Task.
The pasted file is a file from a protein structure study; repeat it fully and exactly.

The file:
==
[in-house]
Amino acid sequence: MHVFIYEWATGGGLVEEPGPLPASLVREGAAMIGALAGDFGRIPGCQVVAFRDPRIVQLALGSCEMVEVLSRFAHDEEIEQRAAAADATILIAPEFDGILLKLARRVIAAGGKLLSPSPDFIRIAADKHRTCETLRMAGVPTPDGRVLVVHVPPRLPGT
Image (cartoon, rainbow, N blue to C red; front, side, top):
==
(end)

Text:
[in-house]
Amino acid sequence: MHVFIYEWATGGGLVEEPGPLPASLVREGAAMIGALAGDFGRIPGCQVVAFRDPRIVQLALGSCEMVEVLSRFAHDEEIEQRAAAADATILIAPEFDGILLKLARRVIAAGGKLLSPSPDFIRIAADKHRTCETLRMAGVPTPDGRVLVVHVPPRLPGT
Image (cartoon, rainbow, N blue to C red; front, side, top):